Lately, there has been a lot of ink spilled on the emerging culinary scene around Fraser Street. Last year, my Vancouver Courier column described how the arrival of new small businesses were making Fraser Street soar, and attracting new customers.
Food and beverage writers at Scout Magazine and Georgia Straight have similarly sung the praises of the “Fraserhood,” and its assortment of hipster cafés and delightful dining.
For the proprietors, rebuilding a business district along the blocks between 15th and 30th Avenue along Fraser Street we can reliably assume took some courage, and a lot of investment.
What everyone should appreciate, however, is the significant efforts of a handful of community members who are responsible for the area’s revitalization, and its subsequent impact on the high street.
Name checking everyone who rolled up their sleeves would be challenging. However, many of my past and present neighbours come to mind — Alain, Tom, Moya, Janet, Diego, Marie, Mauro, Norma, Terry, Gabriela, Bryan and Emma.
All contributed to the success of a local effort to clean up our streets, and make ours a welcoming community.
What had existed 16 years ago might come as a surprise to newcomers. Prostitutes and the leering drivers that sought them out occupied the street corners. Grow ops established themselves at several addresses. Kids had to watch out not to step on needles left behind by addicts on their walk to school.
These signs of neighbourhood decay could be seen from Kingsway all the way down to East 33rd Avenue. Though young families and community elders felt threatened by it, not everyone decided the situation was helpless.
According to those who were there, it was a backyard meeting hosted by Cathy Loukas that became the turning point. Loukas operated a family restaurant, and with her partner had invested a lot of effort into restoring an old property. Frustrated by what she saw, she put up posters inviting the community to talk about it.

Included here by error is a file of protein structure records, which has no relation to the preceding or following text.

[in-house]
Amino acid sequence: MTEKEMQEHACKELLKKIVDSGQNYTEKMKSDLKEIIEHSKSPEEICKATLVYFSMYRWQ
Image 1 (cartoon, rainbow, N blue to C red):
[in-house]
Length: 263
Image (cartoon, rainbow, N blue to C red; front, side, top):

In response, 75 people showed up that evening. Among the group was Sharole Tylor, whose industriousness defined the newly branded Mountain View neighbourhood group, and, along with the help of Jeannie Kamins, got the city’s first Country Lane demonstration project built.
Beside her was Jackie Larson, the longtime organizer for the Vancouver Youth Soccer Association, and a pillar of the community. Jackie was integral to an ambitious Keep Vancouver Spectacular clean-up program that tackled illegal dumping.
The nearby Ruth Morton Baptist Church offered up a larger space for the next community meeting, and more than 200 people showed up, as well as representatives of the local community policing office. When it came to doing the heavy lifting of coordinating safety patrols and community improvements, however, only a dozen folks stepped up.
In the direction of Kingsway, neighbours around the Dickens elementary school catchment were also agonizing about crime and prostitution. The late Peter Wohlwend was a central figure in rallying that community. He and his neighbour John Buckberrough involved themselves in the Dickens neighbourhood group, and organizing community patrols.
For years, Wohlwend managed a very successful email listserv that kept neighbours updated on local news and events.
Buckberrough was the longtime chair of the Kensington-Cedar Cottage CityPlan committee, which along with Tylor, Wohlwend and Anne Roberts — who later served on city council — championed a new library and grocery store at the King Edward Village development.
Big credit must also go to Lilli Wong, whose reserves of community spirit and generosity is unparalleled in my experience. I had the privilege to work beside her on several initiatives, including our community banners program, block parties, and the Fraser Street Stories place markers.
Over the years, I put my hand up for a lot of these activities, and still do. I even sacrificed a few articles of clothing after splattering them with graffiti clean-up paint.
While the community activity has tempered significantly lately, the contributions of these people in the past should not be overlooked in the success of today’s dynamic Fraserhood.
Let’s hope it serves as an example to others, and more people step forward to make our community as livable and friendly as ever.
– Originally published in Vancouver Courier newspaper